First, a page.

More than 300 students, alumni and family members gathered at the Marvin Center Saturday night to celebrate the 10th anniversary of GW’s Organization for Latin American Students.
The festivities, which ran until well past midnight, included traditional musical performances, dancing, poetry reading, theatrical monologues and a feast of Latin American food.
“The event is an indication of the growth of OLAS over the past 10 years and also the dedication of the members, past and present, who made it possible,” OLAS Co-President Paulina Abaunzo said.
This year’s celebration, called Noche de Cultura, was dedicated to Imette St. Guillen, the 2003 GW graduate and forever OLAS member who was murdered in New York City in February. St. Guillen’s sister was in attendance on Saturday as a guest of honor.
The organization announced at the event the start of a fundraising effort to establish an outdoor memorial, possibly a rose garden, to honor St. Guillen. Organizers hope to raise $100,000 in tax-deductible donations by 2008.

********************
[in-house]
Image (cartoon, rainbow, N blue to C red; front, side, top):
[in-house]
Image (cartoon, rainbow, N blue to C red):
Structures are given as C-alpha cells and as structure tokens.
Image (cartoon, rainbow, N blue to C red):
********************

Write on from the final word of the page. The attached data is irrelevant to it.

The evening began with a dinner of Latin American cuisine and a moment of silence for St. Guillen led by her friend Erica Pi?ero. OLAS members and alumni performed six musical, theatrical and dance performances, and the group announced next year’s executive board.
OLAS was founded in 1996 as a way to foment an organized community for Latin American students at GW and to raise awareness of Latin American issues, said senior Carla Martinez, event chair of Noche de Cultura and vice president of OLAS.
OLAS, originally called Latinos For Progress, was created to give Latin Americans at GW a place to come together, as there had previously only been groups focused on foreign-born Latinos, said Elvira Ramos, a GW alumna and co-founder of OLAS who attended the celebration.
Martinez credited the passionate OLAS members and their stand to create a unified Hispanic community at GW as its catalyst for success. Last year, OLAS was awarded the Student Activities Center’s Pyramid Award for student organization of the year; the group has 84 dues-paying members, but Abaunzo reports unofficial participation of about 300 students.
Rudy Alvarez, an OLAS alumnus in attendance, attributed OLAS’ success to its ability to give students a Latino family away from home.
Noche de Cultura began in 2001 as an annual celebration of different aspects of the organization and Latin American culture. This year OLAS made Noche de Cultura free and open to the public.
Abaunzo said, “This year Noche is trying to emphasize a greater community in the D.C. area.”